Tumi Molekane

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Tumi Molekane
Background information
Birth name Boitumelo Molekane
Also known as MC Fatboy
The Poet MC
Stogie T
Born (1981-08-16) August 16, 1981 (age 35)
Origin Johannesburg, Gauteng Province, South Africa
Genres Hip hop
Occupation(s) Rapper, poet, songwriter
Instruments Vocals
Labels Motif Records
Associated acts
Website tumipoetmc.com

Boitumelo "Tumi" Molekane (born 16 August 1981) is a South African rapper and poet. He was the lead vocalist of Tumi and the Volume, that was officially disbanded in 2012.[citation needed]


Tumi and the Volume also comprises the members of the Mozambican band 340ml.[1]

Molekane was born in Tanzania while his South African parents lived in exile there.[2] In 1992 he repatriated to South Africa and took up residence in Soweto.

Music career[edit]

In 2005, he recorded the song "Trade Winds" with Cincinnati-based rapper Main Flow. In 2006 he published his debut album, Music from My Good Eye, through his record label, Motif Records.

The album was later listed as one of the greatest South African albums of all time.[3]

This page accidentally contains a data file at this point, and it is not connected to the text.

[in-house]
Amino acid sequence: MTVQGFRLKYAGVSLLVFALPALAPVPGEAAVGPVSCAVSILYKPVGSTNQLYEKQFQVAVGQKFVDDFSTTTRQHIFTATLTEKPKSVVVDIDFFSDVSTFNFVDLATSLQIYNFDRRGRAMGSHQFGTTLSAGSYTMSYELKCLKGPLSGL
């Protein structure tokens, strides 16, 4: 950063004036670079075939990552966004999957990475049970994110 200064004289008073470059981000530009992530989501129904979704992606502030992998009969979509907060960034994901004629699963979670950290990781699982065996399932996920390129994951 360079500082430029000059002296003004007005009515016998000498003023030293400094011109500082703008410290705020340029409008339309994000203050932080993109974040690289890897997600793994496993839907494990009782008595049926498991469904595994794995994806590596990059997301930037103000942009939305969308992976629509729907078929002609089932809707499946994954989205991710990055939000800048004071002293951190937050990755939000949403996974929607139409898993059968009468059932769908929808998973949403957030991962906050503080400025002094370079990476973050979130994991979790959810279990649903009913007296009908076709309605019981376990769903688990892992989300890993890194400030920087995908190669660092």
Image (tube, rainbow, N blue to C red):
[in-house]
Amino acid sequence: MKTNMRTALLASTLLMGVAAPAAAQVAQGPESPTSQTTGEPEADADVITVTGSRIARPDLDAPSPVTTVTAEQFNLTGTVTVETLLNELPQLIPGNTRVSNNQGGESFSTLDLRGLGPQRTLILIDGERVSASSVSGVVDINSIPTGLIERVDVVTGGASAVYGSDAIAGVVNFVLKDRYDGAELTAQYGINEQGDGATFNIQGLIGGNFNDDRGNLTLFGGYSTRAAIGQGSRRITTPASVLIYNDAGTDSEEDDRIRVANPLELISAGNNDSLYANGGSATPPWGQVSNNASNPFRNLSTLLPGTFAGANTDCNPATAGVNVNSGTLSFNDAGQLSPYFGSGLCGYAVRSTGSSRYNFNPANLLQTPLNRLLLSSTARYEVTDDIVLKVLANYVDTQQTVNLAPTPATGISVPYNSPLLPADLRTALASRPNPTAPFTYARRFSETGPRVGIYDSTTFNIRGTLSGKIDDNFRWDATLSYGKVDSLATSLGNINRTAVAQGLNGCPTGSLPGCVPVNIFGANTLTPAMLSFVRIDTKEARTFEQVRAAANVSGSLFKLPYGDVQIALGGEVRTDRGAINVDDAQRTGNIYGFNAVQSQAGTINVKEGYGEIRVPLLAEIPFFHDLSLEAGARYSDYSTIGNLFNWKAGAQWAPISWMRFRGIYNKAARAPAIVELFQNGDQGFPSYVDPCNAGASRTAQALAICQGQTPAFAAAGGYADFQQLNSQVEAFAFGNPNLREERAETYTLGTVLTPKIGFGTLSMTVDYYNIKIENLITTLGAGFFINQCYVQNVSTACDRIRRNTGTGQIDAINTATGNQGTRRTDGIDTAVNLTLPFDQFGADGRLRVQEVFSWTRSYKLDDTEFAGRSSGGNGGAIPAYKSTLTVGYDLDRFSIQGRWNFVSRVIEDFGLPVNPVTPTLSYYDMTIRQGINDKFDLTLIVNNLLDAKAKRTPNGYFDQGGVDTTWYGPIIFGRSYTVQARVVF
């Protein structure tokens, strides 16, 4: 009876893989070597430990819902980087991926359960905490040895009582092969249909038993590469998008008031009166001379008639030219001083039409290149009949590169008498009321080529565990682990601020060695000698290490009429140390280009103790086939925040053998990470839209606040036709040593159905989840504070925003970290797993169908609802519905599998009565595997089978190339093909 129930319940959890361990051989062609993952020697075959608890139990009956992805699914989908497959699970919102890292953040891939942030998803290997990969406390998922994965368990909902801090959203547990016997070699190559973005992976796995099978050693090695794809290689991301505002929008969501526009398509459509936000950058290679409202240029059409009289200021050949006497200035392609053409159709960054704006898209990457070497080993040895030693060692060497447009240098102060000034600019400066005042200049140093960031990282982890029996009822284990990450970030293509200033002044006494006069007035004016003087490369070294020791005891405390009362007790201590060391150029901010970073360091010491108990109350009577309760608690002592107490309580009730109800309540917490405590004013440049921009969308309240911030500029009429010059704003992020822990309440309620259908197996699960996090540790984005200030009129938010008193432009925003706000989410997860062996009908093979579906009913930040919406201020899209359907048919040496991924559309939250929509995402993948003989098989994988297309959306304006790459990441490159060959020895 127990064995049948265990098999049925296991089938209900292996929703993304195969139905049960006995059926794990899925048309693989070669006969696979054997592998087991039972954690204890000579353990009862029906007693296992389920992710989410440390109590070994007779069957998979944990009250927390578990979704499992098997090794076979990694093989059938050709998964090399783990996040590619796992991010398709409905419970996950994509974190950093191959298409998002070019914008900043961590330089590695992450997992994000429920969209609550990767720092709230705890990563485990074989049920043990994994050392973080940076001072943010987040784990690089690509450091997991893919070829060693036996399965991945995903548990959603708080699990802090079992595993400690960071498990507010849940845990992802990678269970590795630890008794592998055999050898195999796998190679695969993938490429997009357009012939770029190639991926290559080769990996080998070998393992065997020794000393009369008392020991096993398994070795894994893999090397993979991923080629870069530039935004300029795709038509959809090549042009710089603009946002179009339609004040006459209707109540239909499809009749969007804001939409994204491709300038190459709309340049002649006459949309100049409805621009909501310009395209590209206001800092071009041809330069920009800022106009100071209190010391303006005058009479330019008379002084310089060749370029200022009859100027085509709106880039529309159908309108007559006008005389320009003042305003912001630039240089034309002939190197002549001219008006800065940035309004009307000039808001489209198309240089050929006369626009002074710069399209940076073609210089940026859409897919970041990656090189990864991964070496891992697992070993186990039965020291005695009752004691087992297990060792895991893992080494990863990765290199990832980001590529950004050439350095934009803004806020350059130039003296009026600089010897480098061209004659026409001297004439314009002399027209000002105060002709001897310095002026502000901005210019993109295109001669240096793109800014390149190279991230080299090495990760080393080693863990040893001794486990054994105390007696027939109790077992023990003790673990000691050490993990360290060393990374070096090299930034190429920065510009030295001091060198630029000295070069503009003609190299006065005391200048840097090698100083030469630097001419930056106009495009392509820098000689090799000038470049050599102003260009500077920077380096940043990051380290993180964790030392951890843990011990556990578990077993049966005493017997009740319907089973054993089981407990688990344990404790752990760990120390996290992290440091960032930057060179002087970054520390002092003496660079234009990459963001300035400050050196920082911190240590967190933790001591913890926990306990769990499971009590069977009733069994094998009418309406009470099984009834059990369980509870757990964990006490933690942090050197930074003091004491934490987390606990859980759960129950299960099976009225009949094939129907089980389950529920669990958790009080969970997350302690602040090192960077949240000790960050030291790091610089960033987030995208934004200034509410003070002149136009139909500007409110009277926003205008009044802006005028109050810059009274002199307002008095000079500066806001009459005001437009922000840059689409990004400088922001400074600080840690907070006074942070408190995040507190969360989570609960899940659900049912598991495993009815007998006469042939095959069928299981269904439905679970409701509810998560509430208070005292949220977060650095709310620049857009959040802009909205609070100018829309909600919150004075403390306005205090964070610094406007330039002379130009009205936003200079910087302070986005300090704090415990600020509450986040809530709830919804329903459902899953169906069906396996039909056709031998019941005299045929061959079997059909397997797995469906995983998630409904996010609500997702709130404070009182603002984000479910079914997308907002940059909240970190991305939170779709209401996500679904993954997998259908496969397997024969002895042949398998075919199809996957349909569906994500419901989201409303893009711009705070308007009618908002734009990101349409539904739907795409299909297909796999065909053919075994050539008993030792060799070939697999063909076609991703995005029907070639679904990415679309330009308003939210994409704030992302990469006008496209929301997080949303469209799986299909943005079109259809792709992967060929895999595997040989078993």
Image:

In 2006, he was published in the American literary journal The Subterranean Quarterly. [4]

Tumi was also involved in the Dead Prez show around late in 2000 and also took part in the Black August tour to South Africa in 2001.[5]

He has also performed with South African recording artists Blk Sonshine, Keorapetse Kgositsile, Watkin Tudor Jones, Lesego Rampolokeng. Saul Williams, Sarah Jones and Mutabaruka. He's also working alongside Chinese Man, a French Hip-Hop crew.

In his book Stealing Empire: P2P, Intellectual Property and Hip-hop Subversion (2008), Professor Adam Haupt of the University of Cape Town analyzed the lyrics Molekane wrote for the Tumi and the Volume song "76", as well as others. Among Haupt's arguments are that contemporary hip hop music provides critical insights into the inheritance of violence in post-apartheid South Africa.[6]

He contends that, despite commercial and often sexist imperatives in mainstream hip hop music, South Africa has produced a number of socially conscious hip hop artists, who are reluctant to compromise their art and political views.[7]


  1. ^ "340ml - SOUTH AFRICAN MUSIC". Music.org.za. Retrieved 2016-02-11. 
  2. ^ "Sauti za Busara: Tumi and the Volume". Mambo Magazine. Retrieved 2016-02-10. 
  3. ^ Simon Harper, "Tumi from the V's album listed in the greatest local rap album of all time",Hype magazine,23 May 2013
  4. ^ Kim pebble, "Tumi is one to lookout for",The Subterranean Quarterly,16 July 2013
  5. ^ "Open Minds 16 April 2003". Africa's Gateway. 23 March 2003. Retrieved 15 October 2012. 
  6. ^ Haupt, Adam (2008). Stealing Empire: P2P, Intellectual Property and Hip-hop Subversion. Cape Town: Human Sciences Research Council. pp. 157, 202–209. ISBN 9780796922090. OCLC 184829137. 
  7. ^ "Tumi & The Volume (South Africa)". music.org.za. Making Music Productions. Retrieved 15 October 2012. 

External links[edit]